How Fixed Bid Projects Work in the Agile World

Story time: Once upon a time, in a far far away land, a new project contract was signed. Congratulations! Mr. Client (a huge enterprise) agrees to pay the project team such and such gold coins for building a world class, enterprise level software solution. The big scope items were outlined in the statement of work was signed and a FIXED PRICE has been agreed on. The team, all agile experts, started diving into the requirements and begun building the product backlog.

A short time goes by, the backlog of work items become clearer and clearer and our team realizes that there is no way that they can deliver all the scope within the fixed budget – BIG PROBLEM!

The team’s illustrious PROJECT MANAGER, known for his excellent consulting and negotiation skills, carefully plans how to communicate this to the client. He is so good in executing his plan that he succeeds in the impossible: The client reviews the priorities and agrees to reduce the scope so it can fit the new estimates – Only the important items that bring real business value will be built.

The team’s ARCHITECT, designs a wonderful solution and is diligent about all QUALITY MATTERS; he has a ZERO TECHNICAL DEBT policy. We do things right! In this team is his mantra.

And so construction ensues… At the beginning the pace is slow… causing leadership to lose a few heartbeats. As the time goes by, the advantages of the sound technical foundation and the ZERO TECHNICAL DEBT approach begin to emerge and the team picks up speed with every iteration that goes by.

The speed acceleration is so impressive that after a while, the esteemed project manager, offers the client stakeholders to add a few items that were removed from the original scope. The client is thrilled, but by now, they’ve had some more time think about their priorities and realized that what was removed, isn’t really needed! There are new ideas that the product owners have that seem like a good fit.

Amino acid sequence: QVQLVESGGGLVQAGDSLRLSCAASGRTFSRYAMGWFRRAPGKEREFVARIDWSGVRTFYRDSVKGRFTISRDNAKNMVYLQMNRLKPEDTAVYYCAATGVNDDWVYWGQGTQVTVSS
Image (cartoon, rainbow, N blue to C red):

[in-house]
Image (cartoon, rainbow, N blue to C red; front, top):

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Are Fixed-Priced Contracts and Reduced Risk a Myth?

Statistics and software development studies suggest that many projects fail or are perceived as failures by different stakeholders for many possible reasons:

  1. Overspending and exceeded budget
  2. Missed schedules and deadlines
  3. Scope issues – not everything was developed
  4. Quality issues
  5. Real business value wasn’t obtained
  6. Low user acceptance and adoption

What do humans do in the face of risk? Buy assurances… and in the world of information technology and software development, these usually come in the form of fixed-bid contracts.

Review my story again and you may realize that it have gone bad in multiple ways:

  1. The client could have not agreed to change the focus or priorities and the scope would be more than what could be built with the same budget/schedule/resources – TEAM LOSES
  2. The project manager could have chosen to not communicate that there is room for more scope – CLIENT LOSES

My experience leads me to conclude that YES, fixed priced contracts DO NOT REDUCE RISK in the real world; they just give clients the nice, fuzzy and warm feeling that they are going to get what they need for a known price.

In reality, if the scope is too great for the budget or time, it will not get delivered! At least not to the client’s satisfaction (quality might suffer, users will complain etc.)

At the end of the day… something has to give… and if you do not plan right, communicate effectively… bad things will happen… awkward conversations, hurt feeling and sometimes even legal issues are some of the things that you could expect.

  • Chris F Carroll

    Good point, well made and your short story neatly illustrates more points than you use it for.
    But customer *always* have a budget, since they are not infinitely rich. So some kind of fixed price or cap is always needed somehow?